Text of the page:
So a guy who looks exactly like Paul McCartney gets on your train carriage, making absolutely no attempt to hide the fact that he’s the spitting image of Paul McCartney, and starts singing a medley of Beatles songs. What’s your reaction? Well, if you were on the New Orleans street car where this actually happened last week, you ignored him. Has our global fear of getting stabbed in the face for refusing to give a singing stranger fifty pence reached such ludicrous levels? I mean, even if it wasn’t Paul MacCartney, that’d still be brilliant.
To a degree, though, you can imagine it happening. We’re so unaccustomed to seeing our rock superstars do anything as remotely human as getting on public transport – something Jay-Z also did on his way to his own show at the Brooklyn Arena in December, although he was surrounded by a tubeful of heavy security and film cameras – that Macca busking becomes an inconceivable impossibility unless you literally watch the documentary crew installing the hidden cameras yourself. Indeed, rather than setting us off thinking about other such ego-free rock star under-indulgences (and let’s face it, who wants to read about David Bowie popping out for a pint of milk?), the news sent us into raptures over the opposite end of the spectrum, music’s most extreme explosions of ego that barely stopped short of the words ‘Kanye West’ being laser-carved onto the moon. Here are our favourites.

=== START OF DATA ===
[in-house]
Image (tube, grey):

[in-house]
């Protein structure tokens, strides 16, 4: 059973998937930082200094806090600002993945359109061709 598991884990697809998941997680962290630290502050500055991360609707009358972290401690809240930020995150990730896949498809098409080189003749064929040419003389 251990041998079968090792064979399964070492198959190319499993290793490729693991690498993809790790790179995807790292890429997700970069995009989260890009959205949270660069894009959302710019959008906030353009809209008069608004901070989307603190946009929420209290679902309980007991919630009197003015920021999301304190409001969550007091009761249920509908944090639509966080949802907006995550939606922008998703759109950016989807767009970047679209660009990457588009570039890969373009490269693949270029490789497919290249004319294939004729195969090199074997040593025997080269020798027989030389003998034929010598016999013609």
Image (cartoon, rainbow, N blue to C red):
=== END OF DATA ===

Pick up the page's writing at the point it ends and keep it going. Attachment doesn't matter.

If he thought he was being funny he vastly overestimated his wit. If he thought it’d be sexy he vastly overestimated his sex god charisma. If he thought he was creating a world-shattering arena spectacle he vastly overestimated his audience’s fascination with tits. In fact, whatever he was thinking, when Justin Hawkins demanded to his set designers that he should appear onstage with The Darkness in 2007 riding a flying chariot resembling a huge pair of breasts it was amongst the most cringe-worthy examples of rock ego gone hideously awry. Come back tiny Stonehenge, all is forgiven.